CorinthNational Cemetery_2017_12_16_7757








CorinthNational Cemetery_2017_12_16_7749
























On December 14, Tuscumbia celebrated their 200th birthday, kicking off the next two years leading up to Alabama’s 200th year of statehood December 14, 2019.  








 My three Hooligan Border Collies, Patches, Blackie and Levi, have finished their letter to Santa.  I had a couple of accidents that involved falls, and they are getting to the age I’m afraid the girls, Patches and Blackie, might get hurt due to their arthritis. They like to have a lot of fun roughhousing making the pictures for the card.  This year I took a couple of each one from over the years we’ve been doing this and made this year’s card.  Plus, Auburn beat Alabama 26-14 this year, so I had to put my school colors orange and blue in the greeting.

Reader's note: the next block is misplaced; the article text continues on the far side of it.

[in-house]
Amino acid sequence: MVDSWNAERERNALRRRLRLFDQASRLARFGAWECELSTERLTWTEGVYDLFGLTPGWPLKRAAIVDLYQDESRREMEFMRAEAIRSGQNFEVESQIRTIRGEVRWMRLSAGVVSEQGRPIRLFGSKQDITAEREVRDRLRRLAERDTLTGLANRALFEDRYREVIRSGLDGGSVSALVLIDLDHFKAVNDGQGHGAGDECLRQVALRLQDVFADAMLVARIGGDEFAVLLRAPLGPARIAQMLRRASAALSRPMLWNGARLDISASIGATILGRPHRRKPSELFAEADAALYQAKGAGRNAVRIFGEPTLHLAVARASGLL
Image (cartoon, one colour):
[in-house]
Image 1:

Dear Santa:

We’ve been very good Hooligan doggies this year. Well Mom has been calling Patches "Problem Child," so she hasn’t much. Mom has been working a lot and late, so we tried to help her weed by digging holes around the yard. Mom said we dug the holes too deep and also dug up the good plants along with the weeds. She didn’t explain to us the difference between a good weed and a bad one. All plants look the same to us. Patches also turned on the hydrant on the front of the house, got a drink and walked off.  When Mom came home, she said Patches needs learn how to turn it back off.